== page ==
Tag Archives: Love Story

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Links I Like: September 6, 2011

Nicholas Ray Blogathon, hosted by Tony Dayoub at Cinema Viewfinder

I noticed Jake Cole doing a bunch of Nicholas Ray posts over the past week or so, and turns out they’re part of a much larger blogathan celebrating the great director (Rebel Without a Cause, In a Lonely Place, Johnny Guitar, etc.). Ray would’ve been 100 years old this year, so it’s fitting to see a great turnout for the blogathon, and a variety of people participating. I haven’t had time to look through everything yet, but this should be some very good reading.

Too Much Madness to Explain in One Text by Oliver Lyttelton at The Playlist

Only a few weeks after Joe Cornish’s excellent genre film Attack the Block was released in US theatres, we started hearing reports of riots in London perpetrated by “hoodies,” gangs of kids wearing hooded sweatshirts from the poorest part of London. Hoodies also happen to be the main characters and indeed, the heroes of Attack the Block. Far-removed from both the real-life riots and the setting of Attack the Block in the US, it’s impossible to see one and not think of the other. The rioting has died down now, but this article from Oliver Lyttelton (residing in South London) is still an excellent reading of the two against each other. He wrote it on time; blame me for the delay in recommending it. :)

How to Make an Intelligent Blockbuster and Not Alienate People by Mark Kermode

This article (excerpted from Kermode’s newest book) has been stirring up discussion and controversy since it was posted a week or so ago. The basic premise is that people go to see movies based on hype and are often disappointed and don’t like the tentpole blockbusters even though the box office receipts prove they paid to see them. Kermode argues, if people are going to see a tentpole release because it’s a tentpole release, then they don’t have to be dumb to succeed – you can make intelligent blockbusters ike Inception and make a ton of money AND have audiences who are better satisfied at the end of it all. I think his argument is a bit facile (there are plenty of tentpoles that fail despite hype, and Inception is a fringe case based on Nolan’s name that’s not easily repeatable), but his general stance that we shouldn’t settle for whatever dumb tripe the studios throw at us even if it’s shiny and glossy I can get totally get behind.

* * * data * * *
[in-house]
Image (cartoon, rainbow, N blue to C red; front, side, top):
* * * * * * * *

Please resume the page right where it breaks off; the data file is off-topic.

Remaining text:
Play It On the G Strong by Brandie at True Classics

Starting off with a general history of burlesque, then moving on to its most famous practitioner Gypsy Rose Lee, then on to Lady of Burlesque, the film version of Lee’s novel The G-String Murders, this post is entertaining from start to finish. Lee was originally meant to star in the film adaptation of her novel, but the role eventually went to Barbara Stanwyck instead, and Brandie reviews the film, recognizing Stanwyck’s contribution to what it otherwise a relatively routine film. I’ve seen the film, but finding out about the background of burlesque and the project’s history was really interesting.

Looking Different Today by David Bordwell at Observations on Film Art